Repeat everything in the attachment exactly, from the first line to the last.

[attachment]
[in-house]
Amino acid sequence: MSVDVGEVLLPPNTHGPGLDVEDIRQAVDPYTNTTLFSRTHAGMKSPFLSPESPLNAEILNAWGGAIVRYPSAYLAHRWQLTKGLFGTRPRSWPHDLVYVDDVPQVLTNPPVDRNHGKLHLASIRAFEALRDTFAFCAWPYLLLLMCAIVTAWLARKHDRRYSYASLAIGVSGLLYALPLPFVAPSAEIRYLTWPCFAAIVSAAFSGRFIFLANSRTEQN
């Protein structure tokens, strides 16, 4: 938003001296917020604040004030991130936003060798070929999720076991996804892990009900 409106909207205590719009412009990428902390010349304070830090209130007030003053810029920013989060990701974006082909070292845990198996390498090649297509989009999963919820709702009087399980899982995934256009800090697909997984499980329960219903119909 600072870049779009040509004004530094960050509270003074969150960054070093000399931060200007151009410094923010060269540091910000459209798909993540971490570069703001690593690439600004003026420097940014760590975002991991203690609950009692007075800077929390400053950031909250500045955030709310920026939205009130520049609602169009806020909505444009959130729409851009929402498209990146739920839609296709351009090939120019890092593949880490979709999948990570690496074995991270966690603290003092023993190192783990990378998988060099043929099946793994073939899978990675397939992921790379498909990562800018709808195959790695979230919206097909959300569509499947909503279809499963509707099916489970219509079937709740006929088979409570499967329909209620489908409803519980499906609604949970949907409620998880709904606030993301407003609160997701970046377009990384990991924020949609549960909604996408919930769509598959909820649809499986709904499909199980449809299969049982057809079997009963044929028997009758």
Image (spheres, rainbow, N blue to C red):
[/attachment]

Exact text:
[in-house]
Amino acid sequence: MSVDVGEVLLPPNTHGPGLDVEDIRQAVDPYTNTTLFSRTHAGMKSPFLSPESPLNAEILNAWGGAIVRYPSAYLAHRWQLTKGLFGTRPRSWPHDLVYVDDVPQVLTNPPVDRNHGKLHLASIRAFEALRDTFAFCAWPYLLLLMCAIVTAWLARKHDRRYSYASLAIGVSGLLYALPLPFVAPSAEIRYLTWPCFAAIVSAAFSGRFIFLANSRTEQN
């Protein structure tokens, strides 16, 4: 938003001296917020604040004030991130936003060798070929999720076991996804892990009900 409106909207205590719009412009990428902390010349304070830090209130007030003053810029920013989060990701974006082909070292845990198996390498090649297509989009999963919820709702009087399980899982995934256009800090697909997984499980329960219903119909 600072870049779009040509004004530094960050509270003074969150960054070093000399931060200007151009410094923010060269540091910000459209798909993540971490570069703001690593690439600004003026420097940014760590975002991991203690609950009692007075800077929390400053950031909250500045955030709310920026939205009130520049609602169009806020909505444009959130729409851009929402498209990146739920839609296709351009090939120019890092593949880490979709999948990570690496074995991270966690603290003092023993190192783990990378998988060099043929099946793994073939899978990675397939992921790379498909990562800018709808195959790695979230919206097909959300569509499947909503279809499963509707099916489970219509079937709740006929088979409570499967329909209620489908409803519980499906609604949970949907409620998880709904606030993301407003609160997701970046377009990384990991924020949609549960909604996408919930769509598959909820649809499986709904499909199980449809299969049982057809079997009963044929028997009758």
Image (spheres, rainbow, N blue to C red):